Baking with yogurt sauce keeps egg whites tender

Recent news reports of a nationwide egg shortage have renewed my household’s long-standing debate over backyard chickens.

As everyone with a few square feet of space behind their tract homes seemed to be raising chickens, my husband, Will, held firm in his stance that a flock is not in our future. Forget that our home sits in a semirural setting on a half-acre. Forget that our kindly neighbor (Will’s mom) would gladly install the coop and all its infrastructure on her property.

Forget, more recently, that our 2-year-old son likely would delight in helping to feed the hens and collect the contents of their nests, thereby supporting his one-a-day-organic-egg habit. None of those factors have dissuaded Will from the belief that chickens are noisy, messy and easy pickings for predators.

Predictably, it took the testimonial of one of Will’s firefighter friends to soften his stance. Mark’s measured enthusiasm, also predictably, came with a play-by-play of converting a prefabricated metal shed into a coop, adding automatic feeding and watering systems and safeguarding the run with a fence of landscaping cloth.

Will’s uniquely unpredictable response? “Let’s make chickens next year’s project” (!)

Until then, I’m crossing my fingers that grocery-store rationing of eggs doesn’t come to pass. If so, there’s always local Craigslist sources for farm-fresh eggs, even at premium prices.

Worst case scenario, we can limit our consumption to dishes that show eggs at their best, with tender whites and runny yolks intact. This recipe for baked eggs (also called shirred eggs) gets a flavor boost from an onion-y yogurt sauce and a liberal dusting of sumac.

The latter is one of my favorite spices for accenting white foods or light-colored foods, such as feta cheese, sour cream and, indispensably, hummus. A friend’s trip to the Middle East provided me with a generous supply of this ground fruit, which has a bright, tangy flavor.

Paired with buttered toast, this dish isn’t just for breakfast. Add a green salad for a simple, rustic brunch or dinner.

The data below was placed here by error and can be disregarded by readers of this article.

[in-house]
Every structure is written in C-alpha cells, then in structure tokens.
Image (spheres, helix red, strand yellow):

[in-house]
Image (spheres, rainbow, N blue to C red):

Tribune News Service photo

Baked Eggs With Spinach, Yogurt and Sumac

2 tablespoons salted butter, melted

Big handful baby spinach leaves

8 large eggs

1/3 cup plain Greek yogurt

1 tablespoon grated sweet onion

1/2 teaspoon kosher salt

4 slices good bread, for toasting

Ground sumac, for garnish

Arrange rack in center of oven preheated to 375 F. Set a large kettle of water to boil.

Generously brush 4 (6-ounce) ramekins with some of the melted butter. Line bottom of each dish with 1/4 of the baby spinach. Crack 2 of the eggs into each dish.

In a small bowl, whisk the yogurt, onion and salt with a tablespoon of water to make a sauce similar in consistency to heavy cream.

Spoon a couple tablespoons of sauce over egg whites in each dish, avoiding yolks so they will stay a lovely bright yellow. Season each egg with a pinch of salt.

Place ramekins on a 2-inch-deep baking dish and place dish in preheated oven on center rack. Fill pan with boiling water to reach halfway up sides of egg dishes, taking care not to get any water in eggs. Bake eggs for about 15 to 17 minutes, or until whites are cooked and yolks are still bright yellow and jiggle when shaken. Toward end of baking time, toast and butter the bread.

Remove baking dish from oven and carefully remove each ramekin from hot water, drying off ramekins. Drizzle eggs with more melted butter and dust with the sumac. Serve immediately, placing each hot ramekin on a plate with buttered toast.

Makes 4 servings.

Recipe adapted by Tribune News Service from “Rose Water & Orange Blossoms: Fresh & Classic Recipes from My Lebanese Kitchen” by Maureen Abood (Running Press, April 2015, $30)

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